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‘Trans’-cending stereotypes: Tackling transgender bias in the workplace

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in Discrimination and Harassment,HR Management,Human Resources

In 2007, the New Jersey Law Against Discrimination (NJLAD) was amended to prohibit discrimination on the basis of “gender identity or expression.” That means “having or being perceived as having a gender related identity or expression whether or not stereotypically associated with a person’s assigned sex at birth.”

Transgender status is more common than many people think. Psy­chol­­o­gists estimate that approximately one in 30,000 people who are born male will eventually seek sex reassignment ­surgery. About 1 in 100,000 “birth-assigned” females seek sex reassignment surgery.

Discrimination at work

That means employers may eventually encounter an applicant or employee who is preparing for or has undergone sex reassignment.

Transgender persons are frequently the subjects of hate crimes and discrimination in all aspects of life, including work. Discrimination can be especially difficult for transgender persons who undergo a transformation while on the job. Bias, lack of information and confusion can lead co-workers and managers to ostracize and discriminate against them.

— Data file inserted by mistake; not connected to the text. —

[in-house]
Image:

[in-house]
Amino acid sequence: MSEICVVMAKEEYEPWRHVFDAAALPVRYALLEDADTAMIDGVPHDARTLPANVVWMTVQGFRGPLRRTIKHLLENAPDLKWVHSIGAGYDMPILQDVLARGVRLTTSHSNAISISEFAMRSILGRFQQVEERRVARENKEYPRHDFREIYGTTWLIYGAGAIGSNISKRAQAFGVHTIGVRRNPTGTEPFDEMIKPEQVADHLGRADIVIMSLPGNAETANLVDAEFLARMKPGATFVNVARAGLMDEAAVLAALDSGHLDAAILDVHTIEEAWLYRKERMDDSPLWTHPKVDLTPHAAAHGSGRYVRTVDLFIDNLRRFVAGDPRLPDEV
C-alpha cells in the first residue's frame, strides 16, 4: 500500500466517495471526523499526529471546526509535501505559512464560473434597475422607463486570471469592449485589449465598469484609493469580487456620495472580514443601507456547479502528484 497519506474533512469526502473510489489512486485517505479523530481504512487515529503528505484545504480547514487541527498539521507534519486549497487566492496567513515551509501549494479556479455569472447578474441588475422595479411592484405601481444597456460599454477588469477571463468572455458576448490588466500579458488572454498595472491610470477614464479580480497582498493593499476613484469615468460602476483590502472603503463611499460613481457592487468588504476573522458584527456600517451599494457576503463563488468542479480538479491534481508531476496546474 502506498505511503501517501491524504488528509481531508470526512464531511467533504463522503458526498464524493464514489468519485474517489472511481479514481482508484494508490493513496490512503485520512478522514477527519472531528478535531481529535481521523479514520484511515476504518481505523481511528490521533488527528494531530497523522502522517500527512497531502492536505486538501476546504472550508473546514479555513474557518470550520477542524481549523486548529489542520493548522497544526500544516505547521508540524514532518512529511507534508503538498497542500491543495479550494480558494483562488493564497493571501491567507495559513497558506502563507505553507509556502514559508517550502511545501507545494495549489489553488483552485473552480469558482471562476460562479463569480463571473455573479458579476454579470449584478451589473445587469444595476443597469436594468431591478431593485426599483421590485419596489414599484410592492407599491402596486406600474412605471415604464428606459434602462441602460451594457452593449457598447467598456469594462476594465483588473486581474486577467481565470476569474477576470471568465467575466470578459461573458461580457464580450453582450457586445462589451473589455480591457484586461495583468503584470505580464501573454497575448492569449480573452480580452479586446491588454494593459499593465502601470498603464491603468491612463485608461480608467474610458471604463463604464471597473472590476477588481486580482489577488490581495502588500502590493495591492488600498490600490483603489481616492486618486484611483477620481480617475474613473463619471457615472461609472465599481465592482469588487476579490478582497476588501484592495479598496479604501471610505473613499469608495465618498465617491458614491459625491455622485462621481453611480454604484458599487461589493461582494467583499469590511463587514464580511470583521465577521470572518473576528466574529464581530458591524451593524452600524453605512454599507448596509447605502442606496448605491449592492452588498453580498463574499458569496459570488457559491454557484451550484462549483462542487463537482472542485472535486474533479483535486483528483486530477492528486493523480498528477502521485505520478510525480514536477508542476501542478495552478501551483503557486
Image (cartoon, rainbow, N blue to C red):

Transgender employment cases

Historically, there are few decided cases in the United States concerning transgender persons in the workplace. However, there have been an increasing number of transgender employment cases in the courts.

Courts have been reluctant to apply Title VII of the federal Civil Rights Act of 1964 to transsexuals claiming employment discrimination. How­ever, states like New Jersey have amended statutory anti-discrimination laws to include protections for transgender people.

At the same time, more and more transgender people are testing the legal boundaries of existing discrimination and civil rights laws and asserting that they should be protected to the same extent other minorities are.

Tips for employers

You can’t ignore transgender issues. And in New Jersey, you can’t ignore discriminatory behavior and harassment against transgender employees. That would be illegal under the NJLAD, and could result in costly litigation.

To minimize the possibility of discrimination against transgender employees in your workplace, follow these tips:

  • Train managers and employees to be sensitive and understanding toward transgender employees.
  • Allow transgender employees to express their preferred gender identity in the workplace.  
  • Treat leaves of absence for sexual reassignment procedures the same as other scheduled medical procedures.

Dealing with transgender issues presents some unique legal and HR issues. The topic and the presence of people who are sexually “different” can cause great discomfort for some employees.

But that doesn’t mean you can put up with bias or harassment. Re­mem­ber, there was a time not too long ago when the presence of female, minority, disabled, gay and lesbian em­ployees commonly caused strife in some work settings. Strong anti-­discrimination laws and growing social tolerance have at least lessened those problems.

That’s a model for incorporating transgender employees in your workplace. You should simply treat transgender employees with the same fairness, respect and professionalism afforded to other employees.


Danielle Wilson, a law clerk at Adams, Stern, Gutierrez & Lattiboudere, contributed to this article.

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